The Telegraph
Tuesday , July 15 , 2014
CIMA Gallary


The poor want to become less poor, not poorer. Why insult those men, women and children who have been exploited by the lack of infrastructure, a disregard for their inherent skills, and the neglect of their habitat and environment? Successive governments have perpetrated these horrors upon them by their complete and unforgivable failure to deliver the basic human necessities, thereby putting them on dole. Creating a framework in which rural artisans and urban entrepreneurs can create wealth and have access to infrastructure through which they can market their products is necessary to bring about good governance and a healthy economic state. Are we entering a new phase of change and development in India?

For decades, men and women in power were attracted to plastic baubles of the West. These included manmade fibres, which flooded the market and snuffed out the fine, hand-woven fabrics of India, the concrete, glass and chrome that dwarfed traditional scientific buildings, as well as the alien norms of city-planning and development that destroyed India by reducing grand urban habitats into slums. The last quarter of the last century was witness to a cultural destruction that disregarded every indigenous form. There was a profound desire to copy and clone what Western nations were selling to poorer countries. The Indian leadership and its band of babus tried to superimpose these ideas on what once was a stunning landscape.

Heavy load

During the 1990s, our rulers adopted a wholly alien diktat that came to us from our new ‘masters’, who had replaced the colonial rulers. They used a new and potent weapon, the ‘loan’ dispensed from a far away land, that throttled this nation by compelling it to abide by a list of commandments. There was no one at the helm of the government who believed in the amalgamation of the two streams in an effort to create a model that would be organic to the DNA of this sprawling subcontinent and its extraordinary and multi-layered civilization.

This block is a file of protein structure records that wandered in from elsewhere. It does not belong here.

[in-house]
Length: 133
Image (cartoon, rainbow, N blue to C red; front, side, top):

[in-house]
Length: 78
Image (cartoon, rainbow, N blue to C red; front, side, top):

The last quarter of the last century had given birth to a motley group of national leaders, who sought to fulfil their personal demands instead of working hard to build a strong and proud India. Their mantra was at stark variance from that of those who had fought to free the country from colonial subjugation and liberate its profound spirit. Sadly, this ‘spirit’ continued to be repressed, the nation’s patience exploited and its philosophical persona, infused with centuries of history and experience, battered, this time by its own, elected leaders. The country wallowed in neglect and despair. Values were diluted and the physical environment assaulted.

Today, we have a policy that was unveiled through the budget speech of the finance minister who brought to the forefront the strengths of this country that had been relegated to the periphery. Vast numbers of men and women with inherent skills that the world celebrates, were, over the last many decades, virtually dismissed from the ‘mainstream’ of change and development by the architects of the ‘loan’ and its commandments who enjoyed the insular comforts offered by the World Bank and the International Monetary Fund. We should have learnt to use these interventions to our advantage and not succumb to inappropriate pressures and heavy-handed tactic.

This stranglehold of the countries that disburse ‘loans and aid’ on the economically weaker nations was becoming untenable. A new generation now wants to break loose to meet the larger, collective aspirations. Sadly, economic powers do not want ‘competition’ and will continue to selfishly protect their own turf.